In Albania, time folds, though the marching chronology of the country’s last 130 years appears stark with fundamental change: The Ottoman Empire, Nationalist Monarchy, Italian Fascism, Enver Hoxha’s Stalinism, Enver Hoxha’s Maoism, Enver’s Hoxha’s Enverism— a kind of nationalist socialism, with collective enterprises, science and Marixist-based education, fear, distrust, and violent “re-education” camps. 

When Enverism fell in 1990, Albania went from frying pan to fire, with political pluralism accompanied by the most corrupt version of neo-liberalism, leading to the “Catastrophe of 1997”—when Ponzi schemes collapsed, Albanians lost everything they had, the government was overthrown, armed gangs ruled the streets, and 2,000 people lost their lives.

Today a kind of democratic socialist party dominates, with parties that span the political spectrum vying for power. The economy is dependent on the vagaries of tourism, remittances, and a still large agriculture sector suffering from NAFTA-like Italian cheap-product dumping. 

It is no wonder that author Kapka Kassabova hears people here say over and over that they “hate politics.”

I am fascinated with this political history. Lucky for me, the public TV station plays history documentaries all day, and old films from the Enver Hoxha era in the evening.  I can’t understand most of what is said, but the historical footage tells its own story, and the histrionics in the old films speak loudly. I can imagine, however, that for Albanians this public TV station with its constant reminder of the past, whether painful or nostalgic, does little to ease the pain of the present. I wonder how many watch the channel. Unlike Hoxha’s time, they now have endless media options.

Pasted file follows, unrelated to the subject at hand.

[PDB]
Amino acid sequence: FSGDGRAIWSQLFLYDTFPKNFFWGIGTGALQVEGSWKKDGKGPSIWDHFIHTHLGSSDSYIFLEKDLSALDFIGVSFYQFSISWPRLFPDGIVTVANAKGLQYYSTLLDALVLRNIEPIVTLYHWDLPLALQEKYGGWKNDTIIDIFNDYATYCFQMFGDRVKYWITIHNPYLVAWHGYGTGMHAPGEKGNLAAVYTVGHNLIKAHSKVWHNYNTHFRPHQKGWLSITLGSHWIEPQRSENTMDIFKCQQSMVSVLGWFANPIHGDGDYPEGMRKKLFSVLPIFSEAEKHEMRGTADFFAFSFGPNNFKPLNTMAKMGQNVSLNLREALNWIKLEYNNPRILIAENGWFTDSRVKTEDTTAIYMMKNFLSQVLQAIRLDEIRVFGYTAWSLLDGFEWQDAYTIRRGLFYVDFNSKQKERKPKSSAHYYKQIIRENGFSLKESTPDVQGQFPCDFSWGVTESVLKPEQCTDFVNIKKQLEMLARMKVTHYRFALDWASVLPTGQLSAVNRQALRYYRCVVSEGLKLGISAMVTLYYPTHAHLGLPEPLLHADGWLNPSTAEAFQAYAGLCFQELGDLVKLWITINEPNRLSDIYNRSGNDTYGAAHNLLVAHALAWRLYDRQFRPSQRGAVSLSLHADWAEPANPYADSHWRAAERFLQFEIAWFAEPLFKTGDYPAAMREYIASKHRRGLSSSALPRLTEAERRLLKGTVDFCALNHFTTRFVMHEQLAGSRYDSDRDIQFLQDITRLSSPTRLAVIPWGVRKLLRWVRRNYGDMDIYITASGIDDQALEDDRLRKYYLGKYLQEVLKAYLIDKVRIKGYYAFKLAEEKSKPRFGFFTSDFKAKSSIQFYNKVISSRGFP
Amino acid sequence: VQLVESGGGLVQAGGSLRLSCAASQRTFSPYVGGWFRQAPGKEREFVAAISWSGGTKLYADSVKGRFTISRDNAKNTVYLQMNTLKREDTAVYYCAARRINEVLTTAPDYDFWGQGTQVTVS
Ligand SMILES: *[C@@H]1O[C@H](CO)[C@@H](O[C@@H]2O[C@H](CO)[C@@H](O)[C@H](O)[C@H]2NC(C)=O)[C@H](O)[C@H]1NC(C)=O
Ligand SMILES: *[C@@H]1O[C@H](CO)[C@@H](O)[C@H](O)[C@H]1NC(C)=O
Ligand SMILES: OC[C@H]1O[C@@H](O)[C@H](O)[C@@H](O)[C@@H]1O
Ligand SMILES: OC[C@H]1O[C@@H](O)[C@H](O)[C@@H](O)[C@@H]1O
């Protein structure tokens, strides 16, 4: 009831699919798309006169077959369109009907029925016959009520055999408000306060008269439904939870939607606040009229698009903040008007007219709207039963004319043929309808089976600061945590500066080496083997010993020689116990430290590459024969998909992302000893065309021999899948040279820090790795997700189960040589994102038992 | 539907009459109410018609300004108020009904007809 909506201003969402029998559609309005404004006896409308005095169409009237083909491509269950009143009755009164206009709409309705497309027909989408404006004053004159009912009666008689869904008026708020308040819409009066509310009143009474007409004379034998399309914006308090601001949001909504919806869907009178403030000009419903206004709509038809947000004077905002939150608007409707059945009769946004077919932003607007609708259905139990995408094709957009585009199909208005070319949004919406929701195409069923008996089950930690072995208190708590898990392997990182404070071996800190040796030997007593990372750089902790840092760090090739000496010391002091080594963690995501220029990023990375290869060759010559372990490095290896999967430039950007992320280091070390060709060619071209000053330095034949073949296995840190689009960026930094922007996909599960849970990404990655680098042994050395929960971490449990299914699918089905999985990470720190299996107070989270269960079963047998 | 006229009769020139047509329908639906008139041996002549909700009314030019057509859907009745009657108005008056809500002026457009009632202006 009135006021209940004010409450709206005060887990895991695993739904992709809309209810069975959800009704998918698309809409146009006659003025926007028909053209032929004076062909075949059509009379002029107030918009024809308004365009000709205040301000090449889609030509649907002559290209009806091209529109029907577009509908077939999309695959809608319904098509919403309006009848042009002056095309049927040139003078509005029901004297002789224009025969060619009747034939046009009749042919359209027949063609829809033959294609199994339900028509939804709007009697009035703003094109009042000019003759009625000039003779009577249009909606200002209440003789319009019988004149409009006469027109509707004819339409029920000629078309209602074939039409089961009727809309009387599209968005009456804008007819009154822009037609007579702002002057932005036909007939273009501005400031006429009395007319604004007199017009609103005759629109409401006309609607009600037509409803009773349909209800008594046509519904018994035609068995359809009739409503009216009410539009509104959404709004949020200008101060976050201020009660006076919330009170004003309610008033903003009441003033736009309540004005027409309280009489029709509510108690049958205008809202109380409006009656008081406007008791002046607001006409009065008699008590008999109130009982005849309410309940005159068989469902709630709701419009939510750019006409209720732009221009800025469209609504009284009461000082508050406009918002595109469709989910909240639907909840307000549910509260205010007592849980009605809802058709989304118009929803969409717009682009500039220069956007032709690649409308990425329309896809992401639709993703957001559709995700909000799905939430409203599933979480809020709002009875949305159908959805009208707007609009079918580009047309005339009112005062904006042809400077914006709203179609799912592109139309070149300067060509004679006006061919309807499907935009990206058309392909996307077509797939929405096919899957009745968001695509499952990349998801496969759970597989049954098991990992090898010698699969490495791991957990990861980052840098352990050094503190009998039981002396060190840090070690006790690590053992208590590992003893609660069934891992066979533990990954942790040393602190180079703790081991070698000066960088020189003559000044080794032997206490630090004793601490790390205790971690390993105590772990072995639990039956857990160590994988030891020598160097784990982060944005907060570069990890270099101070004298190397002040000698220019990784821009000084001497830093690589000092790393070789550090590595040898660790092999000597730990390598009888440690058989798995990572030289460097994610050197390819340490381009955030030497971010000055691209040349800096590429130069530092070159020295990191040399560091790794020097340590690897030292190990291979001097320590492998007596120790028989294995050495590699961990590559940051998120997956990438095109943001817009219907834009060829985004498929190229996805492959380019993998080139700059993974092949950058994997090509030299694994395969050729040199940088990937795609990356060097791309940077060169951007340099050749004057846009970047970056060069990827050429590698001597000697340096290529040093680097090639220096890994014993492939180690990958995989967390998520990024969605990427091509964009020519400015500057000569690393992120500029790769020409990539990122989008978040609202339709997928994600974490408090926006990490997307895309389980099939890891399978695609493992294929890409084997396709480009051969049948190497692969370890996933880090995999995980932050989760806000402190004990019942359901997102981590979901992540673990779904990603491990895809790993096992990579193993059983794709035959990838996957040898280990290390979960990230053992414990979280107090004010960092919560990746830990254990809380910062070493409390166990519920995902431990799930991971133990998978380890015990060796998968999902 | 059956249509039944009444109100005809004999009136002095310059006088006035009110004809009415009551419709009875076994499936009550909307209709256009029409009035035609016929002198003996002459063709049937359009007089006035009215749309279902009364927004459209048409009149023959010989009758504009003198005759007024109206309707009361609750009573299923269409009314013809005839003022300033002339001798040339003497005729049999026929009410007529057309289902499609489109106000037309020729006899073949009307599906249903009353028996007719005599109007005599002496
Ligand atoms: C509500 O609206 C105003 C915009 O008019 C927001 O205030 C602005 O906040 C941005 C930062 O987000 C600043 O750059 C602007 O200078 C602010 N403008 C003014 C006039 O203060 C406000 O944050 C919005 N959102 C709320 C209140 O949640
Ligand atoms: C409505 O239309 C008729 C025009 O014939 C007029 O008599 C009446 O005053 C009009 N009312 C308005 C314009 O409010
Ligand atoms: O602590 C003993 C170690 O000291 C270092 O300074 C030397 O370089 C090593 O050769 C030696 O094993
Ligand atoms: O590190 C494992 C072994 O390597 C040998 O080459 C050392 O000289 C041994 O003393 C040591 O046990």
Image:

It is funny. The public station we watched in Cádiz Spain was 24/7 nature documentaries and cooking shows. We used them for language practice. In Spain, there is a pact to forget. In Albania, is there a pact to remember and never let go?

‘No!’  is what it appeared to me the Tirana Booster in the Scanderbeg Square was saying a few days ago, speaking to a crowd in front of the State office building —an event celebrating the fact that Tirana, and Alexandria, Egypt, will be recognized by the Union for the Mediterranean in 2025, receiving major grants from the Anna Lindh Foundation.

No, he said. Tirana and Albania are NOT about the past. We are all about the future, new buildings, art, culture, and infrastructure. We believe, “If we build it they will come.” 

I don’t know who the Booster was, but he was preceded by the Prime Minister, so he was someone official. According to him, Albania has a future not chained to its history of  Empire, Monarchy, Fascism, Stalinism, and the worst of Neo-Liberalism. 

The Socialist Party in power believes entry into the European Union is key. Albania has been trying to get accepted into the EU since 2009. The European powers have been dragging out the process for 15 years, leading Albania on.  

It feels, being here, as though one way everyday people are rebelling against this oppressive political history and current reality, is some form of anarchism. Just the way things work in the streets. It seems haphazard, but people make it work. Some of it is beautiful. The way people bring goods to market, against all odds. The way cars and walkers and scooters and bikes share space when necessary.